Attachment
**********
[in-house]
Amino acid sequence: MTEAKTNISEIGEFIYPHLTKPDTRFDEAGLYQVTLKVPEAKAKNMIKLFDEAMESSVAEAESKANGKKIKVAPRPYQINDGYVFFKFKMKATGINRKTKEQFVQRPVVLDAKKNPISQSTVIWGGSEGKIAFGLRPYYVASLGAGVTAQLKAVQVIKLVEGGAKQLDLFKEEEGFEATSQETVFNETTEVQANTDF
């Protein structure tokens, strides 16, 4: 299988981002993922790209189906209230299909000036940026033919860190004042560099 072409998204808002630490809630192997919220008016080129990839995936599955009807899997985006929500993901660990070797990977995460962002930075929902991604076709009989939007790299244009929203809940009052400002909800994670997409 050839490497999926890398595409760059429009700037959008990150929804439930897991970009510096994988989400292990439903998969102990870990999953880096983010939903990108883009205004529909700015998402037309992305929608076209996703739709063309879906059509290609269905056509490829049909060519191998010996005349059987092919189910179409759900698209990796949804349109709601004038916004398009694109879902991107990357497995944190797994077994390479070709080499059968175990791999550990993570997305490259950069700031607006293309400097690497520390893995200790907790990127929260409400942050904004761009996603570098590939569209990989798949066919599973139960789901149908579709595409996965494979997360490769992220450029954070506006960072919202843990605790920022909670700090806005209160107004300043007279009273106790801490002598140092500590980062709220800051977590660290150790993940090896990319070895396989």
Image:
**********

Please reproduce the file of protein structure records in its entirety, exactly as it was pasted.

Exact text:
[in-house]
Amino acid sequence: MTEAKTNISEIGEFIYPHLTKPDTRFDEAGLYQVTLKVPEAKAKNMIKLFDEAMESSVAEAESKANGKKIKVAPRPYQINDGYVFFKFKMKATGINRKTKEQFVQRPVVLDAKKNPISQSTVIWGGSEGKIAFGLRPYYVASLGAGVTAQLKAVQVIKLVEGGAKQLDLFKEEEGFEATSQETVFNETTEVQANTDF
């Protein structure tokens, strides 16, 4: 299988981002993922790209189906209230299909000036940026033919860190004042560099 072409998204808002630490809630192997919220008016080129990839995936599955009807899997985006929500993901660990070797990977995460962002930075929902991604076709009989939007790299244009929203809940009052400002909800994670997409 050839490497999926890398595409760059429009700037959008990150929804439930897991970009510096994988989400292990439903998969102990870990999953880096983010939903990108883009205004529909700015998402037309992305929608076209996703739709063309879906059509290609269905056509490829049909060519191998010996005349059987092919189910179409759900698209990796949804349109709601004038916004398009694109879902991107990357497995944190797994077994390479070709080499059968175990791999550990993570997305490259950069700031607006293309400097690497520390893995200790907790990127929260409400942050904004761009996603570098590939569209990989798949066919599973139960789901149908579709595409996965494979997360490769992220450029954070506006960072919202843990605790920022909670700090806005209160107004300043007279009273106790801490002598140092500590980062709220800051977590660290150790993940090896990319070895396989």
Image: